The Evolution of Brooks Saddle Badges

First, let it be said that this is by no means a definite list, nor is it complete or necessarily of perfect accuracy. This is a rough draft of what I've noted from collecting these saddles myself, and should be used as a general guide, nothing more. Keep in mind that some '50s-era Brooks lightweight saddles were sold badgeless.

The earliest badge I've seen is shown below - it dates from the 1920s or thereabouts. Unlike later badges, this example appears die cut. Please note that the saddle top has been replaced on this example.

Photo courtesy member Otis from

The 1930s badge shown here is presumably the first to have a solid badge design.

Supposedly, the badge shown above was either superceded, or ran concurrently with the following badge in the 1940's, which removed the exaggerated serifs from the font. This particular badge existed into the early 1950's. Examples have been positively ID'ed as late as 1951 (though it doesn't exclude the possibility that this badge was produced later then '51).

Photo courtesy member RHM from

I am not sure where the following mid-1940's era badge fits into the mix; it is original to a 1947 Ganna. I presume it may have been used exclusively on Brooks' narrower racing saddles, running concurrently with the earlier two badges prior. Alternately, the design does seem to bridge the gap between the '30s badge and the '40s badge above - it may have been an interim design.

Photo courtesy Franco Spernicelli of Spernicelli Biciclette

By the mid-1950's, the badge was redesigned with a stepped shape to accomodate "Made In England" stamped below the Brooks lettering. These badges are stamped deeper and are of a generally thick metal - they don't dent that easily:

Badge shown in photo comes from unknown-date saddle. Brooks saddles were not stamped with date codes until 1959.

The 1950's design was revised into the brass version shown below, probably in the late '50s (and remaining into the early 1960's). The stylistic redesign remained in use until the 1970's, but was subsequently produced produced in plastic and metal (chromed tin?) as opposed to brass. Plastic versions were generally fitted on the lower-end leather saddles (off and on - I've seen one on a B.15), and almost always on the Brooks vinyl mattress saddles. The plastic badges, riveted to the pliable vinyl, were known for snapping at the rivet hole at one end (to ultimately swing on the remaing rivet until breaking off completely).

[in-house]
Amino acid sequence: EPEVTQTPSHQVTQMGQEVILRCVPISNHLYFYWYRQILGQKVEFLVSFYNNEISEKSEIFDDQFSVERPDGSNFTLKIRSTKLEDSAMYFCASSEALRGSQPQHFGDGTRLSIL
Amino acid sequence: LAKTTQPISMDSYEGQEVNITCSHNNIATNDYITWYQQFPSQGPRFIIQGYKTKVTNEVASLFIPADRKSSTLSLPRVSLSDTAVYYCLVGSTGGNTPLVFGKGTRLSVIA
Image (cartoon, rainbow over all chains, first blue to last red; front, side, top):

Metal badges have been seen as early as 1965. The year of introduction for the plastic or brass variants is unknown. The plastic and metal badges have noticably larger rivets in comparison to the brass examples - these larger rivets remain the norm on Brooks badges today.

Brass variant shown below has no date code; B.66.
Plastic variant stamped with 1979 date code; B.73.
Metal variant date code unknown; B.72.




Do note that Brooks' higher-end racing saddles (most notably, the Professional) of this era utilized a completely different badge of which two variants exist. One is stepped, with narrower ends; the other is shaped in the typical rectangle with curved ends. Apparently, these badges are prone to the letters wearing off. v2 was used between 1973 and 1979 at the least.

v1 shown below is presumed to be a 1973 small-rivet Pro
v2 has been seen on Brooks Pros as early as 1973 and as late as 1979, both large and small rivet.



Photos courtesy member Gearbasher from

When Sturmey-Archer aquired Brooks, a badge was developed based on the revised Sturmey-Archer font. These date from the mid-late '80s (if not later), and are the smallest Brooks badges that I know of. This design - to my knowledge - spanned all models, from B.72 to Pro:

Saddle shown in photo is undated, Brooks Professional Pre-Softened.

The last retired badge design - used around the mid 1990s - were uninspired modifications of the Helvetica font with "England" marked below. Copper rivets were used:

Saddle shown in photo is undated, Brooks Professional Pre-Softened.

NOS 1990's badge & rivets generously donated by Wallingford Bicycle Parts

Current badges can be seen on present production saddles, and resemble the 1930's badge with lettering similar to the badges of the '60s and '70s. The copper rivets of the generation before were dropped in favor of chromed steel rivets.

NOS current badge & rivets generously donated by Wallingford Bicycle Parts
Saddle photo courtesy member Gearbasher from